You know those companies so established that their name becomes synonymous with the industry itself? John Deere is to tractor, as Kleenex is to tissue, as Google is to search. We might add another name to the group: Peterson is to pipes.
The story starts in 1874. Dublin, Ireland. Grafton Street. A German tobacconist named Frederick Kapp opens up a storefront selling his custom meerschaum and briar pipes. Kapp is barely into a year’s worth of labor at the new place when lightning strikes twice: Kapp meets the Sherlock to his Watson. The man is Charles Peterson, a broad-shouldered Latvian craftsman with an enviable mustache, who joins Kapp’s operation with gifted hands and ingenious capacity for shaping not only briar, but the future of pipe craft itself.
How many pipe makers can add a patent to their legacy? How about two patents? There’s at least one man in that market, and it’s Charles Peterson. Fast-forward fifteen years into the Grafton Street tobacco shop and there’s Peterson, still shaping, still repairing, and still tinkering. You have to admire a mind like that; steady at the helm of his work, but with eyes on a new horizon. The result of Peterson’s efforts was the now-famous System pipe, “a certain new and useful improvement in Tobacco-Pipes.”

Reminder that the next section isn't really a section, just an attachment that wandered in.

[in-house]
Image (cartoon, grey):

The System pipe, still in production today 130 years after its innovation (now that’s staying power!) relies on a special bore into the shank that draws moisture away from the smoke. The result: an increased, more-robust flavor. Peterson’s efforts paid off—he was awarded gold medals—for “Best Finished Pipe” and “Best Patent Pipe”—at an international exhibition for the tobacco trade in the 1890s. Riding this wave, Kapp & Peterson brought Kapp’s son, Alfred Henry, into the fold, and the three piloted their retail storefront and lounge into an international exporter of their exceptional pipes.
History has a way of making the labor seem easy. But as any business owner knows, there must have been many after-hours evenings in that smoking parlor where the three indulged in their pipes (and surely a few pints), pored over the books, and planned and plotted for Peterson’s advance in the global market. Whatever choppy waters the trio weathered, their enduring success is evident.
And it’s a good thing for us they landed the ship. Today, Peterson stands as one of the most reputed and reliable pipe makers in the industry. From their factory in Dublin, a team of dedicated craftspeople undertake each step of the pipe-making process, from briar selection, to shaping, to stamping, to finishing. Rooted in established maker practices, the Peterson pipes of today prove worthy of their patrimony.